An appeal has been launched after plans to build 14 new homes in Buckley were thrown out over fears for the safety of school children.
Planners in Flintshire rejected proposals by Quatrefoil Homes to develop land on Alltami Road in Buckley at a meeting in November.
Around 50 letters of objection were received from residents, highlighting concerns about the impact of the scheme on a footpath, which is known locally as ‘Tucky Lane’.
The path is regularly used by pupils walking to Elfed High School and politicians voted against the application by a narrow margin as they said the safety of youngsters would be put at risk.
However, the Mold-based firm has now launched an appeal to have the decision overturned.
In their appeal statement, representatives for the company said the plans would not cause any undue risk.
They said: “In simple terms, the appellant company asserts that the proposal would not harm the safety of pedestrians using public footpath 22.
“This view is shared by the council’s highway officer as outlined within the council’s committee report.
“The officers are satisfied that a scheme of traffic calming and staggered barriers would provide an adequate safety measure at the point the service road would cross public footpath 22.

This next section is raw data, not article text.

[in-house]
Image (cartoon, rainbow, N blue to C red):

“The council’s officers also note that public footpath 22 is currently unlit and poorly surfaced and this would be upgraded as part of the scheme.
“It would be surfaced and illuminated and these improvements would clearly improve the safety of its users.”
The proposals went before the committee with a recommendation for approval from planning officers.
In a report, the authority’s chief officer for planning, environment and economy, Andrew Farrow, said the proposed road layout was considered to be acceptable.
He added that an alternative route would be provided for pupils during the construction of the houses, with upgrades to be carried out to the path.
However, at the meeting, Buckley Mountain councillor Carol Ellis led the concerns about the development.
She said: “I am totally, utterly opposed to this application, mostly on the grounds of safety.
“You could not fail to be shocked when you arrived on the site visit to actually see the proposal and to see the implications to footpath number 22, which has been free of traffic I’m told locally for 60 years.
“It’s very well used by the community, especially by the school children.
“I’m sorry if I’m being quite blunt but it’s the safety of children and there are lots of other issues I could mention.”
A proposal was later put forward to reject the plans, which won by eight votes to seven.
An independent inspector appointed by the Welsh Government will consider Quatrefoil’s appeal at a future date.
By Liam Randall – Local Democracy Reporter (more here).